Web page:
Film Review: The Descendants

(Published in Issue 6 of my publication In Retrospect)

Directed by Alexander Payne, The Descendants is an adaptation of Kaui Hart Hemmings‘ novel of the same name, which follows Matt King (George Clooney), a Honolulu-based lawyer and the trustee of a large part of land on the Hawaiian island of Kaua’i which was trusted to his family. When his wife falls into a fatal coma after a boating accident, Matt is forced to reconnect with his two daughters, 17-year-old Alexandra (Shailene Woodley) and 10-year-old Scottie (Amara Miller), but the subsequent revelation of his wife’s affair could mean that plan to sell his land has been thrown into the works, as his life begins to intertwine with that of Brian Speer (Matthew Lillard) and his wife Julie (Judy Greer).

The Descendants is a true-to-life story which is dealt with in a way that everybody can take away something from its realistic exploration of how a family pull together in the time of tragedy. The film follows two story lines which ultimately come together at the end of the film, bringing together scenes of a heart-warming conclusion which show the true meaning of family. With this combination of a painfully honest portrayal of, not only the people, but also of the Hawaiian lifestyle, and the brilliant set of acting and relatable characters, there’s no surprise that everybody is shouting from the rooftops how brilliant this film is, especially after winning the Best Picture and Best Actor (Clooney) awards at the Golden Globes earlier this month.

The main aspect that works in this film is that the cast is a tremendous fit, both in the roles they play and as a family working together. George Clooney is at his best here, playing an ordinary man trying to pull his family back together. We all know that he is one of the greatest actors of our time, and I’m sure I would have really enjoyed Ides of March if I had watched it, but this is the first time that I came away from a film still thinking about how well he really worked in his role.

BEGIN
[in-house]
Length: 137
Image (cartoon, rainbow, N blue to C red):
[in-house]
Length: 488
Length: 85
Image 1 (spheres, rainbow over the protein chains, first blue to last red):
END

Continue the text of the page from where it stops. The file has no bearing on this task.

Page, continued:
But whilst his role played a central part in the film’s success, it’s not all about him. His daughters, played by Shailene Woodley and Amara Miller also perform brilliantly. Woodly, especially, has a great role that she plays perfectly, as her character, I feel, is the one that draws in the emotional side of the film. Her portrayal of a slightly messed up teenage girl is very relatable as she, seeing her father struggle to cope with the news that his wife has been having an affair, steps up to help her family out. Again, it’s nice to see a genuine portrayal of a teenage girl in a film that isn’t over glamorised or plain irritating and, for that, I feel that the award nominations should be aimed at her too.

As for the other characters, when I first realised that Speer was played by Matthew Lillard I was very pessimistic. For me, Lillard will always be seen as the man who played Shaggy in the film adaptation of Scooby Doo and, for that reason, it was hard to accept his character. Whilst he does pull away from this immaturity that we are used to, I felt that someone more serious was needed to play his character so that we, as an audience, could build up an emotional reaction from his actions. His wife, played by Judy Greer, however, was a great addition to the cast. I’ve always been a fan of the roles she plays, after recently watching the first series of Arrested Development as well, so I enjoyed seeing her play in a recent and serious film.

But it’s not only the actors who need credit either, as director and screenplay writer Alexander Payne is the reason why this all worked so well. Having not read the novel that the film is based on, I still get the impression that it was a decent adaptation of Hemming’s work. The dialogue, especially, and the situations the characters were in felt so genuine that it was obvious a great writer was behind it.

However, whilst I think that The Descendants is a good film, I didn’t come away as impressed as most. With all the hype around the film beforehand I was expecting something a little more; I don’t know what it was but it wasn’t there. But that’s only in relation to what everybody has been saying. Without listening to the acclaimed appraisals that the film has been given, The Descendants is still a must-see, so if you plan to watch one film this month make sure it’s this one…and also Shame.

4 thoughts on “Film Review: The Descendants

Add yours

      1. That’s what I thought. I’d just never seen a review on here before, so I wanted to make sure you weren’t doing doing them Roger Ebert style :p

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